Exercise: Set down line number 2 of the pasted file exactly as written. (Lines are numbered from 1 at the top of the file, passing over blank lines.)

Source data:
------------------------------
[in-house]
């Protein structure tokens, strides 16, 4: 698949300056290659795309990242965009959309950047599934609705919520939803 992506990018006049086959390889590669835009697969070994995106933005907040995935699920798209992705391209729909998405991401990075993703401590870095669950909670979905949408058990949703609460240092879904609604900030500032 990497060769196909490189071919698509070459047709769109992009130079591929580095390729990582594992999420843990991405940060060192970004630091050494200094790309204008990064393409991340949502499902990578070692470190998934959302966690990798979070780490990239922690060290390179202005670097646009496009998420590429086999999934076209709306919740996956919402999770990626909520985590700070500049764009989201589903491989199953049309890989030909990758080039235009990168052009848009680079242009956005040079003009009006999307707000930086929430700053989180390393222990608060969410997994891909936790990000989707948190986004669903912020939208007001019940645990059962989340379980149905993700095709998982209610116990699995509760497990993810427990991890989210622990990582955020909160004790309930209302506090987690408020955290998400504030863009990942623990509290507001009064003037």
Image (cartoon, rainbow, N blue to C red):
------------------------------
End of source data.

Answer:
């Protein structure tokens, strides 16, 4: 698949300056290659795309990242965009959309950047599934609705919520939803 992506990018006049086959390889590669835009697969070994995106933005907040995935699920798209992705391209729909998405991401990075993703401590870095669950909670979905949408058990949703609460240092879904609604900030500032 990497060769196909490189071919698509070459047709769109992009130079591929580095390729990582594992999420843990991405940060060192970004630091050494200094790309204008990064393409991340949502499902990578070692470190998934959302966690990798979070780490990239922690060290390179202005670097646009496009998420590429086999999934076209709306919740996956919402999770990626909520985590700070500049764009989201589903491989199953049309890989030909990758080039235009990168052009848009680079242009956005040079003009009006999307707000930086929430700053989180390393222990608060969410997994891909936790990000989707948190986004669903912020939208007001019940645990059962989340379980149905993700095709998982209610116990699995509760497990993810427990991890989210622990990582955020909160004790309930209302506090987690408020955290998400504030863009990942623990509290507001009064003037």